1137. Return type of conj and proj

Section: 29.5.9 [cmplx.over] Status: C++11 Submitter: Marc Steinbach Opened: 2009-06-11 Last modified: 2016-02-10

Priority: Not Prioritized

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In clause 1, the Working Draft (N2857) specifies overloads of the functions

arg, conj, imag, norm, proj, real

for non-complex arithmetic types (float, double, long double, and integers). The only requirement (clause 2) specifies effective type promotion of arguments.

I strongly suggest to add the following requirement on the return types:

All the specified overloads must return real (i.e., non-complex) values, specifically, the nested value_type of effectively promoted arguments.

(This has no effect on arg, imag, norm, real: they are real-valued anyway.)


Mathematically, conj() and proj(), like the transcendental functions, are complex-valued in general but map the (extended) real line to itself. In fact, both functions act as identity on the reals. A typical user will expect conj() and proj() to preserve this essential mathematical property in the same way as exp(), sin(), etc. A typical use of conj(), e.g., is the generic scalar product of n-vectors:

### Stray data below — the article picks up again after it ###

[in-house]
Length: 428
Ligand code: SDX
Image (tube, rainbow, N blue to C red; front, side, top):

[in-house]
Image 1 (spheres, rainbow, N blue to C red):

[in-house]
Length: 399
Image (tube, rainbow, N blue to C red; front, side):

template<typename T>
inline T
scalar_product(size_t n, T const* x, T const* y) {
  T result = 0;
  for (size_t i = 0; i < n; ++i)
    result += x[i] * std::conj(y[i]);
  return result;

This will work equally well for real and complex floating-point types T if conj() returns T. It will not work with real types if conj() returns complex values.

Instead, the implementation of scalar_product becomes either less efficient and less useful (if a complex result is always returned), or unnecessarily complicated (if overloaded versions with proper return types are defined). In the second case, the real-argument overload of conj() cannot be used. In fact, it must be avoided.

Overloaded conj() and proj() are principally needed in generic programming. All such use cases will benefit from the proposed return type requirement, in a similar way as the scalar_product example. The requirement will not harm use cases where a complex return value is expected, because of implicit conversion to complex. Without the proposed return type guarantee, I find overloaded versions of conj() and proj() not only useless but actually troublesome.

[ 2009-11-11 Moved to Tentatively Ready after 5 positive votes on c++std-lib. ]

Proposed resolution:

Insert a new paragraph after 29.5.9 [cmplx.over]/2:

All of the specified overloads shall have a return type which is the nested value_type of the effectively cast arguments.